I agree, in the earlier days of chrome I was not a fan because of the performance it had with the flash player. Now is kinda the same story with unity... this plugin is heavy, well lets cut it. We should protect unity and stop using Chrome I say.

Just a quick note: NASA is not a unified entity marching in lockstep. This was one org-unit's decision made for their own work. I work with a lab at NASA GRC that uses Unity engine pretty extensively for scientific visualization.

We have a product which used to run on Unity Webplayer. After the Chrome NPAPI deprecation we lost about 50% of our users. WebGL wasn't done and still isn't really working. Our experience is the same as described in the article. Memory usage and multi million lines of compressed JavaScript will cause most of our users computers to freeze or lag out. Any user with less than 4 GB and on Chrome will have a pretty bad experience. FireFox is far ahead here and runs much better.

Edit: Direct to one of our games using WebGL and websockets. http://www.kogama.com/games/play/68818/?webgl=1&da=0

That's pretty cool. So that's not the Unity webplayer, so what is it? Good draw distance. Crazy stuff in there!

Edit.. The loading experience was a bit clunky for me btw. I'm assuming it's not the Unity plugin you're using here, but I think Unity would have done better with loading!

Didn't formulate myself very well. It's the Unity WebGL export using WebSockets for the network component.

Good. Anything that goes away from Unity is good. I dislike Unity because they refuse to make their web player for Linux. So several Newgrounds games don't work for Linux users due to Unity.

The Blend4Web Mars Rover demo here works perfectly for me in Linux btw, and guess what, the linked old Unity version says "unsupported platform", so, thank you NASA for thinking about more users :).

Unity's goal is to improve their WebGL builds, such that the experience is basically what you got with the WebPlayer, with the exception that no PlugIn is needed. This means, you are going to get the Unity WebPlayer experience on Linux thanks to WebGL.

Blend4Web homepage with nice demos: https://github.com/TriumphLLC/Blend4Web

What about Unreal 4? I read that they support HTML5 pretty decently by using Emscripten. I really do not know what is their current status on that subject.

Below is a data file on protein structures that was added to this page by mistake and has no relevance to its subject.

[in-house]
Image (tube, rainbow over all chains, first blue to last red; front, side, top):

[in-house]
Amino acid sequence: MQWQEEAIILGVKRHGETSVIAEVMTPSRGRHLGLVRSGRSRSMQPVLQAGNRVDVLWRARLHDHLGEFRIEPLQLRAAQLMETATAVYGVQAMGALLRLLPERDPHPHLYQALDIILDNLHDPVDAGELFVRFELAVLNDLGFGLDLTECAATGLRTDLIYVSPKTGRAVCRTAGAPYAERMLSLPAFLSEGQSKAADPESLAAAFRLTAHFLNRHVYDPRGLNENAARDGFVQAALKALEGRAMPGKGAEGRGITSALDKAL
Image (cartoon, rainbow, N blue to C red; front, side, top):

It's a push to call the Unreal 4 support decent. Unity at least have it as part of their product feature set. Unreal seem to do it only as a demonstration piece.

The problem with taking a engine like Unity or Unreal and compiling to javascript is that 1) they end up with very large blobs of javascript (Unity is around 5MB of JS for the webplayer alone) 2) It is impossible to optimize, debug or inspect any of that code in the target setting. Neither of these engines have ever demonstrated code running on mobile browsers for good reasons, they can't.

Meanwhile, engines designed specifically for the web, for example, PlayCanvas [https://playcanvas.com] let you create content that works on every device, down to the likes of the iPhone 4S and comes in much smaller download sizes. e.g.

http://tanx.playcanvas.com (~1MB)

http://mmx.playcanvas.com (~3MB)

http://swooop.playcanvas.com (~10MB)

All of which work on mobile browsers. The future of Web 3D is not compilation of desktop game engines. It's engine's designed to be web (and mobile) first.

If you can compile it, runs runs horribly horribly slowly. Sometimes the compiles work... some times not. Some things work, others not, but obviously thats not documented anywhere, its just trial and error.

Dont bother. Its lightyears worse than unity, and thats saying something.

It really would be interesting to know if anyone took it beyond the (amazing) demo phase.

To be fair, the previous Unity version he links to is obviously a beta design. It actually says "beta" at the top. For me, the Unity version loads and runs smoothly.

The Blend4Web version seems more polished because it is more polished. They've toned down the lighting, completely changed the interface, and reduced the map area.. you're confined to quite a small space. The Unity version you can drive further, only the ground texture needed work. Zoom out though and you'll see why the ground texture is more blurry than the Blend4Web version.

I'm sure Blend4Web is great, but what isn't great is that Blender is required!

But isn't Unity required when using the Unity plugin? Blender is at least open source!

Yeh true. I was responding more to his criticisms of that version based on the quality of the product...

Bezuhoff says: "Honestly, it looks like an unfinished game. The scene loads slowly (especially the terrain), functionality is primitive – you can only drive, the overall picture is of horrible quality."

I think that's a bit unfair considering it only looks like an abandoned game because it is an abandoned game.

I wonder how big the deliverable is compared with Unity, UE4 or other similar solutions? I am a long-time Blender user, but I have never used this in any of its previous versions. It seems it supports a lot of the things from Blender - materials, lights, and others. I will have to see how much can be directly used in the transition. I am not very clear on GPL. If I use it for my company, but I choose to release the source, do I still have to pay for a commercial license or is the open source license adequate? I know the commercial license comes with a lot of support material.

Is nasa doing this stuff in-house? I've never thought of nasa as experts on software beyond control systems. Have they brought in some gaming people to help with media relations?

Was it that necessary to keep it in the browser? Why not just give it to the user as a normal Unity build download instead of redoing everything to keep it on the browser?

Hmm, about networking, could not WebSockets be used for client-server comms?

WebSockets work for Unity WebGL. Not sure if there is an official implementation, but we use it in a multi-player game. We specifically run Photon Game Server with WebGL and WebSockets.